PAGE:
A short while ago a friend who had undergone surgery decided that she needed to clear out the piles of paper she had at home. As a trainer, she had kept copies of everything she had done and now she realised that it was unlikely she would be out on the trail again, so handing over to the next generation the benefit of her experience was her way of passing the baton.
Visiting her to see what she had that I could use some time, I thought back to a couple of decades ago when my parents decided that it was time to move into the safety of their son's property after spending about two decades of their retired life in good health and independence.
Without knowing how much time was left, practical Mom cut down to the minimum. Possibly in sheer dread of leaving to her children and grandchildren the task of sorting out her things once she was gone, she wanted to do it herself and get rid of all the excess.
So she took a minimal number of clothes, her piano, and the basics of her kitchen. The rest, she felt was extraneous. The photograph albums were open for us to pick up whatever we wanted — her memories were all she needed.
Her music books went to someone who was still in the learning process: she had long passed the need for them because she just allowed the music to flow from her heart to her fingers without the benefit of printed scores and readymade chords.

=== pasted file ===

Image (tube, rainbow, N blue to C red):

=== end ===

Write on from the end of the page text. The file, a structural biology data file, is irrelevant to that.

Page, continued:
As we looked at everything she gave away (mostly to us), we couldn't understand it. Why the minimalism? There were years to go and no reason to live without the memorabilia that most people grow attached to — but she was firm. Just the basics were good enough because she had all she needed stored safely in her head — and she wouldn't have to dust and polish those!
Father, on the other hand, wouldn't part with a thing. He kept his collections of photographs on the bedside table. His books — hundreds of them — were carefully packed and opened up in the new home, to be re-read one day if he and his eyesight held out long enough.
He kept every box of fishing tackle, every instruction he had ever read on angling or hunting — and when age finally kept him away physically from his many loves, he transferred all his enthusiasm and knowledge to eager grandchildren or nieces and nephews and their children.
Now, I survey my precious collections, and I wonder when I will have not only the wisdom but also the energy to go through and discard what for anyone else would be the equivalent of a pile of junk: reference material on all the subjects I'm interested in, once spiffy-looking journals that are now yellowed with age but still unwritten in because I couldn't bear to ‘deface' the smooth pages, half a cupboard of wrapping paper and handmade paper bags, old greeting cards and calendar prints that I cannot discard because they will ‘someday' form the base of the decoupage mural that has been decades on my ‘to do' list.
All of us are collectors. For some it is clothes, for others decorative pieces, precious photographs, ornaments ... we cling, we think we can't live without these accoutrements. And suddenly one day we find ourselves weighed down by them — cupboards and shelves overflowing with souvenirs and papers we'll never look at again.
Most of us just shut the doors firmly and turn away, resolving, like Scarlett O'Hara, to think about them at some tomorrow in the distant future. And there they stay — our version of our footprints in the sands of time.
Cheryl Rao is a journalist based in India.